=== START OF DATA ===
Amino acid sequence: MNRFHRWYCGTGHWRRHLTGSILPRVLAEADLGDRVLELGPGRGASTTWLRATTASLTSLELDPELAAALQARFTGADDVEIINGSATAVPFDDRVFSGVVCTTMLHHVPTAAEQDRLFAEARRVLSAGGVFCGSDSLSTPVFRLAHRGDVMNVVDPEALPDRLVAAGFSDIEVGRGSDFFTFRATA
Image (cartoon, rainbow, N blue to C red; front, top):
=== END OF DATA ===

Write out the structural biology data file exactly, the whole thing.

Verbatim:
Amino acid sequence: MNRFHRWYCGTGHWRRHLTGSILPRVLAEADLGDRVLELGPGRGASTTWLRATTASLTSLELDPELAAALQARFTGADDVEIINGSATAVPFDDRVFSGVVCTTMLHHVPTAAEQDRLFAEARRVLSAGGVFCGSDSLSTPVFRLAHRGDVMNVVDPEALPDRLVAAGFSDIEVGRGSDFFTFRATA
Image (cartoon, rainbow, N blue to C red; front, top):